FIG. 4 shows a plan view of the film carrier before the packaging process of the semiconductor chip. The width of the film carrier substrate 10 is about 35 mm, and comprises a plurality of sprocket holes 11 formed at the both sides of the film carrier substrate 10 along the edge thereof. At the central portion of the film carrier substrate 10, a square hole 12 for locating a semiconductor chip is formed with a constant spacing to an adjacent holes (not shown). Around the square hole 12, a plurality of conductive leads 14 made of e.g., copper leaf are provided. These leads are formed by patterning a copper sheet positioned on the substrate 10 into predetermined shape. The conductive leads extend from four sides of the square hole 12 radially. Each conductive lead 14 has first and second parallel portions 14a and 14b. At these portions, the conductive leads are arranged in parallel with each other with constant spacings P3 and P5 respectively. The spacing P5 at the second parallel portion 14b is incident to the spacing P1 of the test pins of the tester terminal. In the production process of the film carrier type semiconductor device, a semiconductor chip (not shown) is positioned at the central portion of the hole 12. For making electrical connection between the semiconductor chip and the pad portions 13 of the conductive leads 14, a bonding wire process between the semiconductor chip and the pad portion 13 of each conductive lead 14 is performed, for example. Of course, other well known wireless bonding techniques, e.g., bump construction, may be used for the electrical connection between the semiconductor chip and the conductive leads. Next, the semiconductor chip, the bonding wires and the pad portions of conductive leads 14 are packaged with plastic resin, e.g., by a potting process, to form a semiconductor body 2 like that shown in FIG. 1. By this process, a film carrier device as shown in FIG. 3 is produced. In the state shown in FIG. 3, the conventional tester terminal 60 of FIG. 2 is applied to test the quality of the device. In this test, each contact test pin of the tester socket terminal contacts a corresponding conductive lead 14 on the second parallel portion 14b. As the second parallel portion 14b is on the film carrier substrate 10, each lead 14 is safe from deformation by the stress of tester pin of the tester socket terminal. Next, a cutting process is performed along the dashed line 100 to separate the semiconductor device from the film carrier. The remaining portions of the conductive leads 14 to the semiconductor body 2, or portions within the dashed line 100 of the first parallel portion of the conductive leads 14, function as outer leads of the semiconductor device. The punching hole 15 gives flexibility to the assembly of the semiconductor device on a device mounting board (not shown). Namely, the punching hole 15 exposes the rear face of each conductive lead 14. Thus, each conductive lead 14 can be connected electrically through the punching hole to other circuit elements (not shown). Consequently, it is possible to mount the semiconductor device upside down. In the film carrier 1, even if the spacing P5 of second parallel portion 14b is restricted by the spacing of the test pins of the tester socket terminal, it is possible to reduce the spacing P3 of first parallel portion 14a. As the semiconductor device is cut along the dashed line 100, namely at the narrow spacing portion of the conductive lead, the size of the semiconductor device is minimized. As a result, the mounting density is increased. If the spacing P5 is set to equal to that of a mini-flat package device, the semiconductor device can be tested with the tester socket terminal for the mini-flat package device. In this case, if the conductive leads are cut at the second parallel portion 14b, the produced semiconductor device can be treated in the same manner as the mini-flat package device.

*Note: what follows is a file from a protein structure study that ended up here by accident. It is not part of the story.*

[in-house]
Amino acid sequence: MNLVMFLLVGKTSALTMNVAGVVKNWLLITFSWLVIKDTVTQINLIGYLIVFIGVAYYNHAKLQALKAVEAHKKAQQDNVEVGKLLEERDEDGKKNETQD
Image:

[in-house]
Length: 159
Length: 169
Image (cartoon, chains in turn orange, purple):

FIG. 5 shows a plan view of semiconductor device of another embodiment of this invention. In this embodiment, a plurality of conductive leads 14 extend from the four sides of semiconductor body 2. Each conductive lead 14 has a wide portion 32 alternately near the semiconductor body 2 or on opposite end portion. The conductive leads 14 are arranged in parallel with constant spacing P6 throughout the portion out of the semiconductor body 2. To these wide portions, corresponding test pins of the tester socket terminal are attached. The punching holes 33 are formed in the substrate 31 corresponding to the central portion of the conductive leads 14. To similar to the first embodiment shown in FIG. 3, the conductive leads 14 are cut along the dotted line 150 after the efficiency test to produce a semiconductor device. The conductive leads 14 within the dotted line 150, those remaining on the semiconductor body 2, function as outer leads of the semiconductor device.